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Ensure CanCan is called #135

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ghost opened this Issue Aug 30, 2010 · 27 comments

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@ghost

ghost commented Aug 30, 2010

Ryan,

One of my coworkers was testing authorization in the controller. I said "You don't need to do that, the Ability file handles all of it", but then I got to thinking "Hmm, what if the CanCan methods are never called in the controller...?"

So, what do you think about white listing controllers as "safe"? Safe as in they do not require authorization.

My branch gives the details:
http://github.com/justinko/cancan/tree/cancan_safety

Let me know what you think.

Owner

ryanb commented Aug 30, 2010

That's an interesting idea, but I don't think it should be default because one may have a HomeController or InfoController which does not follow the REST pattern and I don't want to require every user add cancan_safe just to get CanCan working in their app. (edit: I see now you didn't intend for it to be default, you can ignore this paragraph.)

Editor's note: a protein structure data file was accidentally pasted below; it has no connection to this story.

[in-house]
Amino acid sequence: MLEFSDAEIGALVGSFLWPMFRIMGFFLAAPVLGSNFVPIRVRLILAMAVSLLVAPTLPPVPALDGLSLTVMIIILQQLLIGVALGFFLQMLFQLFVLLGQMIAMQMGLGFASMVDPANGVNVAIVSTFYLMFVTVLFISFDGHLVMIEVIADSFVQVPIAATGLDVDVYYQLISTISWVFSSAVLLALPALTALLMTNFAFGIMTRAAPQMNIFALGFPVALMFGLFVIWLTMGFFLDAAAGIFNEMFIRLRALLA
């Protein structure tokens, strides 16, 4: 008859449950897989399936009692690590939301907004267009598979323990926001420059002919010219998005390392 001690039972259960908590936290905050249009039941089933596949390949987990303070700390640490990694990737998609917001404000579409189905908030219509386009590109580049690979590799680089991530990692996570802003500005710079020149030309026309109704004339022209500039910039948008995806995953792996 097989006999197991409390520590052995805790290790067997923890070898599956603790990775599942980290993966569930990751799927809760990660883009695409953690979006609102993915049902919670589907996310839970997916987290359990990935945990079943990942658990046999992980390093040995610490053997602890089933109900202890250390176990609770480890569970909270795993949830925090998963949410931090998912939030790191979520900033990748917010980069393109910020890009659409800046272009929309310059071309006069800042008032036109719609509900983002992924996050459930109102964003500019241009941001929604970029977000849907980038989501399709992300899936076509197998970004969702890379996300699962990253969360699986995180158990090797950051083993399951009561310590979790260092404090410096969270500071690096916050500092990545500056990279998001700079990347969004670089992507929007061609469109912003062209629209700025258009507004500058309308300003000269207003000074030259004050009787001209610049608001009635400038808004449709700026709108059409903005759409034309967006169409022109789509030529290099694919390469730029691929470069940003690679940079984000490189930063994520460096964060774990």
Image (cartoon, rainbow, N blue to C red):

That said, I can see the benefit of this feature if one enables it manually to ensure every controller is authorized. Currently you can do this by checking the existence of the @current_ability instance variable.

# application_controller.rb
after_filter :ensure_cancan_used
def ensure_cancan_used
  raise "CanCan not used in this controller action." unless instance_variable_defined?(:@current_ability)
end

Will that work for your case? I think this would make a nice wiki tip.

@ghost

ghost commented Aug 31, 2010

My code needs some work, it has some issues. I was very tired when I wrote it.

hmmm..... I don't think unless instance_variable_defined?(:@current_ability) will work because some controllers, like "home" or "info" will not call authorize_resource, therefore @current_ability will never be defined.

And as you caught, ensure_cancan_safety! allows this feature to be optional.

Can you think of another way to do this without adding code? I cannot.

P.S. load_resource would not add @_cancan - don't know what I was thinking...

Woops, was logged into the wrong github account.

Owner

ryanb commented Aug 31, 2010

The authorize! method should bypass the safety message, this way manual authorization works as well.

I'll give this some thought and see if there are any alternatives ways to handle this. In the meantime I'd like to hear feedback from others as well.

Owner

ryanb commented Sep 3, 2010